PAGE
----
If you have ever wondered why teenagers seem so different today and why they find the transition to adult life so much harder, you might be interested in the views of Psychology Professor, Alison Gopnik. Professor Gopnik traces such problems to what she sees as a lack of balance in the way we bring up kids these days and the impact it has on the development of their brains. She says we give them too much theoretical knowledge and not enough practical experience in the real world. Her solution is to introduce adolescents to the workplace much earlier in their development. She argues:

“Take your child to work” should become a routine practice. Students should spend more time watching and helping scientists and scholars at work, rather than just listening to their lectures. Summer enrichment activities like camp and travel, now so common for children whose parents have means, might be usefully alternated with summer jobs, with real responsibilities. The good news, in short, is that we don’t have to just accept the developmental patterns of adolescent brains. We can actually shape and change them.”

Professor Gopnik caused a stir when she outlined her views in the Wall Street Journal. Detractors accused her of everything from engaging in psycho-babble to indulging in “ageism”. But some lauded her for her good sense.

Ms Gopnik certainly has the credentials to comment on such matters. She is a professor of psychology at the University of California, Berkeley, and the author of  The Philosophical Baby: What Children’s Minds Tell Us About Truth, Love and the Meaning of Life. She bases her views on the latest research in cognitive science which has enabled developmental psychologists and neuroscientists to unravel the peculiarities of the teenage brain.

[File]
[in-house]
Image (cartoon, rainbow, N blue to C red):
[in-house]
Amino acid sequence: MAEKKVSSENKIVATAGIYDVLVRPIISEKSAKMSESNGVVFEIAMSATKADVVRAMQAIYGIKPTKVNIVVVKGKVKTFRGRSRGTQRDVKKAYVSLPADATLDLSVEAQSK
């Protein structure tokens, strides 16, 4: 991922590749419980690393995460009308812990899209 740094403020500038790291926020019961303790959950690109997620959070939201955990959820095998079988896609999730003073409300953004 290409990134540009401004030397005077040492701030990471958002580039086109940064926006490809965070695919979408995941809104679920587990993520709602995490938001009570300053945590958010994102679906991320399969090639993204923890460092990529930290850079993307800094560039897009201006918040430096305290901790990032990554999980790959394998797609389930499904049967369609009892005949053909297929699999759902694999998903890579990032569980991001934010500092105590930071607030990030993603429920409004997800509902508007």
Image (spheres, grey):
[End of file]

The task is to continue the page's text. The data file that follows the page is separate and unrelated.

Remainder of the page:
“The crucial new idea”, she says, “is that there are two different neural and psychological systems that interact to turn children into adults. Over the past two centuries, and even more over the past generation, the developmental timing of these two systems has changed. That, in turn, has profoundly changed adolescence and produced new kinds of adolescent woe. The big question for anyone who deals with young people today is how we can go about bringing these cogs of the teenage mind into sync once again. 

“The first of these systems has to do with emotion and motivation. It is very closely linked to the biological and chemical changes of puberty and involves the areas of the brain that respond to rewards. This is the system that turns placid 10-year-olds into restless, exuberant, emotionally intense teenagers, desperate to attain every goal, fulfil every desire and experience every sensation. Later, it turns them back into relatively placid adults.”

One of the key advances, achieved by neuroscientist B.J. Casey’s lab at Cornell University, is the discovery that teens are not reckless because they underestimate risks, but because they overestimate rewards – or at least find rewards more rewarding than adults do. This is because the reward centres of the adolescent brain are much more active than those of either children or adults. Professor Gopnik comments:

“What teenagers want most of all are social rewards, especially the respect of their peers. In a recent study by the developmental psychologist Laurence Steinberg at Temple University, teenagers did a simulated high-risk driving task while they were lying in an fMRI brain-imaging machine. The reward system of their brains lighted up much more when they thought another teenager was watching what they did – and they took more risks.”

The other key advance in research has been the unravelling of how the brain’s “prefrontal cortex” develops in adolescence.